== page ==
II. The Withdrawal, by a Hard Fate, of the Worker on the very Eve of the Completion of his Work. It is the lot of all epoch-making men that they should toil at a task the full issues of which will not be known until their heads are laid low in the dust.
III. The Lesson of the Solitude and Mystery of Death. Moses in that solitude had the supporting presence of God. There is a drearier desolation, and Jesus Christ proved it when He cried 'My God, My God, why hast Thou forsaken Me?'
IV. The Uselessness of a Dead Leader to a Generation with New Conflicts. Moses did his work and was laid aside. Christ, and Christ alone, can never be antiquated.
A. Maclaren, The Freeman, 4 May, 1888.
References. XXXIV. 5, 6. J. W. Boulding, Sermons, p. 1. J. E. Walker, The Death of Aaron, and the Hidden Grave of Moses, No. 12. C. Kingsley, The Gospel of the Pentateuch, p. 222.
The Significance of the Burial of Moses
I. I have often put to myself the question: Suppose this fragment of the Bible had been lost, should we drop any flower from the garland of revelation? I think we should. I think there is one thing revealed here which is quite unique and which is planted here alone; I mean the fact that there is such a thing as burial by God.
II. Some of the deepest distresses of bereavement come from the denial of funeral rites. Where the body is buried in the mine, where the body is engulfed in the sea, where the body is stretched on the battlefield indistinguishable amid the mutilated slain, there is a deeper tone added to the heart's knell. It is a note which Christianity has rather increased than diminished, for the doctrine of resurrection has consecrated the body and made its very dust dear. To such a state of mind what comfort this passage brings! Here is an explorer lost in the mountain snow. His friends know he is dead; and it adds to their pain that no human lips have consecrated his dust. And to them there comes this voice: Ye that weep for the dead, ye that lament the burial rites denied, know ye not that there are graves which are consecrated by God alone! Where the prayer is breathed not, where the Book is opened not, where the wreath is planted not, where the human tear is shed not, there may be a burial of unsullied solemnity a burial by the hand of your Father. There are consecrated graves where priest never stood, where mourners never knelt, where tear never fell. There are spots hallowed by your Father which to you are barren ground. God's acre is larger than the churchyard. Out on yon bleak hillside He wrapped your friend to rest in a mantle of spotless snow. Is not that bleak hillside God's acre evermore? Is it not as holy to you as if you had brought sweet spices to the tomb? It has no chant but the winds, no book but the solemn silence, no bell but some wild bird's note, no wreath but the wreath of snow; yet there is no more sacred spot in all the diocese of God.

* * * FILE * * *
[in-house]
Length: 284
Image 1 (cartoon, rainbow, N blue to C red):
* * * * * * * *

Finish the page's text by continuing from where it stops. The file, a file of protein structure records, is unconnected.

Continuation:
G. Matheson, Messages of Hope, p. 50.
Prof. Harper thinks that the fact that the grave of Moses is unknown is indicative of truth: 'Though it would be absurd to say that wherever we have the graves of great men pointed out, there we have a mythical story, it is nevertheless true that in the case of every name or character which has come largely under the influence of the myth-making spirit, the grave has been made much of. The Arabian imagination here seems to be typical of the Semitic imagination; and in all Moslem lands the graves of the prophets and saints of the Old Testament are pointed out, even, or perhaps we should say especially, if they be eighty feet long. Though a well-authenticated tomb of Moses, therefore, would have been a proof of his real existence and life among men, the absence of any is a stronger proof of the sobriety and truth of the narrative.'
References. XXXIV. 6. H. J. Buxton, God's Heroes, p. 52. Bishop Goodwin, Cambridge Lent Sermons, p. 253. XXXIV. 10. J. H. Jellett, The Elder Son, p. 77. XXXIV. 10-12. W. M. Taylor. Moses the Lawgiver, p. 451.
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Nicoll, William Robertson, M.A., L.L.D. "Commentary on Deuteronomy 34". Expositor's Dictionary of Text. https://studylight.org/